I + COGNITIVE VERB + YOU + PSYCHOLOGICAL FORMULATION
The first version of our manuscript included cases with a variety of I + COGNITIVE VERB + YOU + PSYCHOLOGICAL FORMULATION, across different institutional and mundane contexts in all three languages. The instances were more or less clearly responsive – an impreciseness the reviewers critiqued. We were certain we had found a consistent pattern where the expressions were attentive to self-other relations and progressed the speaker’s action agenda. However, the reviewers not only questioned some of our analyses but were also unpersuaded that such diverse and complex linguistic forms could have a unitary effect across interactional environments. It was rejected, albeit with encouraging overtones.
After getting over the disappointment of rejection we turned our attention again back to our collection. For a long time we struggled on how best to narrow down the variability of our cases in order to further strengthen our proposal of their action. We considered reducing the cases down to one language or using only institutional talk since those were our clearest instances. Here’s a typical example from an institutional call-taker:
Finally, we decided to refine the focus to claims to ‘understand’ some aspect of the other’s mind. Even then we could be exhilarated one day over having found so many, and desperate the next when we felt they were all still too diverse: from a variety of sequential positions, settings and in several languages. We eventually crafted a brand new paper, albeit one where the general actions of our targets remained the same. This time we got a revise and resubmit with clear suggestions for the changes that needed to be made.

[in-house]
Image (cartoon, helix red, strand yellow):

These things keep cropping up!
What kept us going in the hardest hours were serendipitous treasures – we began noticing “our expression” in a variety of places including colleague’s talk, in newspaper headlines, in communication guides, English textbooks, and we found it useful when negotiating with our kids. Consider the following facebook post, forwarded to us by a colleague
“Dear Customer Services Person, I know you have been trained to say “I hear what you are saying” in order to placate your customer who has an issue and is getting a little antsy – however every time I hear some one say to me “I hear what you are saying” – I am thinking – you are not listening at all – you are merely in the “how to deal with an antsy customer zone”. The problem here is that when someone says to me “I hear what you are saying”….I get IRATE! And then I really do become a problem customer – I can’t help it. I HEAR WHAT YOU ARE SAYING – ARSE!!!”
We could only have wished for more instances like this in our data! As anecdotal evidence, it may have saved our collection. At least it gave us the confidence that we had indeed documented a general practice that held across a variety of settings.
Weatherall, A and Keevallik, L (2016) When claims of understanding are less than affiliative. Research on Language and Scial Interaction, 49 (3), in press.